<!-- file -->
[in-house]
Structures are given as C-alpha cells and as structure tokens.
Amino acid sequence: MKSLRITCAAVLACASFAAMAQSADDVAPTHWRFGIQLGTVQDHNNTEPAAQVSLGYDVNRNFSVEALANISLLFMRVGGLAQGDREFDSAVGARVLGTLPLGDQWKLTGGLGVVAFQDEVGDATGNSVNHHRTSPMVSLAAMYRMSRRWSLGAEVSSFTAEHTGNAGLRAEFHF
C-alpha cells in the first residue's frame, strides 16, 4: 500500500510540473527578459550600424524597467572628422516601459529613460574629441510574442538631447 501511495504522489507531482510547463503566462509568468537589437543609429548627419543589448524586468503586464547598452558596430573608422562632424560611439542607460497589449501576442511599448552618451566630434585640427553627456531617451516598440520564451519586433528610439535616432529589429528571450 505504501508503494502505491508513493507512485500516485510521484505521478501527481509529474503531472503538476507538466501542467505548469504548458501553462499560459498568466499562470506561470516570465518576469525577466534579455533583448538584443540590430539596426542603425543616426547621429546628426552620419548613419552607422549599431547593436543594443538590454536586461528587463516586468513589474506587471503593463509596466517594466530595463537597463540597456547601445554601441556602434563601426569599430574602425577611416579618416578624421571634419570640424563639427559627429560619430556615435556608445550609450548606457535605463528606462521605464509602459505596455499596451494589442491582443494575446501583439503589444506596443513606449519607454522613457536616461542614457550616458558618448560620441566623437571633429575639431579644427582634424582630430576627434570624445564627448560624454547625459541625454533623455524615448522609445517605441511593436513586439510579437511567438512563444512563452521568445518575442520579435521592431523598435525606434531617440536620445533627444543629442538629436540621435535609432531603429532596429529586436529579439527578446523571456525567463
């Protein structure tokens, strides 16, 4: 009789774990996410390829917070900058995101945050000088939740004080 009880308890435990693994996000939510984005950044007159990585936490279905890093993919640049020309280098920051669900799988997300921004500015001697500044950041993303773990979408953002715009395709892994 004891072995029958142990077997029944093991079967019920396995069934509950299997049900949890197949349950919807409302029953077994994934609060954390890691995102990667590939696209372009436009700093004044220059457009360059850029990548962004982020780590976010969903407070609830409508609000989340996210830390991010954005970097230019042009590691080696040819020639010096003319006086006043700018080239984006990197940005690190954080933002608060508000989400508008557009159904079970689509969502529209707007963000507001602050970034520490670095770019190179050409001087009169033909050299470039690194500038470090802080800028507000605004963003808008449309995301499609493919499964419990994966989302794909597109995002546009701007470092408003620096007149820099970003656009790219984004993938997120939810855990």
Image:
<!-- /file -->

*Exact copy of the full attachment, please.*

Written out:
[in-house]
Structures are given as C-alpha cells and as structure tokens.
Amino acid sequence: MKSLRITCAAVLACASFAAMAQSADDVAPTHWRFGIQLGTVQDHNNTEPAAQVSLGYDVNRNFSVEALANISLLFMRVGGLAQGDREFDSAVGARVLGTLPLGDQWKLTGGLGVVAFQDEVGDATGNSVNHHRTSPMVSLAAMYRMSRRWSLGAEVSSFTAEHTGNAGLRAEFHF
C-alpha cells in the first residue's frame, strides 16, 4: 500500500510540473527578459550600424524597467572628422516601459529613460574629441510574442538631447 501511495504522489507531482510547463503566462509568468537589437543609429548627419543589448524586468503586464547598452558596430573608422562632424560611439542607460497589449501576442511599448552618451566630434585640427553627456531617451516598440520564451519586433528610439535616432529589429528571450 505504501508503494502505491508513493507512485500516485510521484505521478501527481509529474503531472503538476507538466501542467505548469504548458501553462499560459498568466499562470506561470516570465518576469525577466534579455533583448538584443540590430539596426542603425543616426547621429546628426552620419548613419552607422549599431547593436543594443538590454536586461528587463516586468513589474506587471503593463509596466517594466530595463537597463540597456547601445554601441556602434563601426569599430574602425577611416579618416578624421571634419570640424563639427559627429560619430556615435556608445550609450548606457535605463528606462521605464509602459505596455499596451494589442491582443494575446501583439503589444506596443513606449519607454522613457536616461542614457550616458558618448560620441566623437571633429575639431579644427582634424582630430576627434570624445564627448560624454547625459541625454533623455524615448522609445517605441511593436513586439510579437511567438512563444512563452521568445518575442520579435521592431523598435525606434531617440536620445533627444543629442538629436540621435535609432531603429532596429529586436529579439527578446523571456525567463
């Protein structure tokens, strides 16, 4: 009789774990996410390829917070900058995101945050000088939740004080 009880308890435990693994996000939510984005950044007159990585936490279905890093993919640049020309280098920051669900799988997300921004500015001697500044950041993303773990979408953002715009395709892994 004891072995029958142990077997029944093991079967019920396995069934509950299997049900949890197949349950919807409302029953077994994934609060954390890691995102990667590939696209372009436009700093004044220059457009360059850029990548962004982020780590976010969903407070609830409508609000989340996210830390991010954005970097230019042009590691080696040819020639010096003319006086006043700018080239984006990197940005690190954080933002608060508000989400508008557009159904079970689509969502529209707007963000507001602050970034520490670095770019190179050409001087009169033909050299470039690194500038470090802080800028507000605004963003808008449309995301499609493919499964419990994966989302794909597109995002546009701007470092408003620096007149820099970003656009790219984004993938997120939810855990």
Image: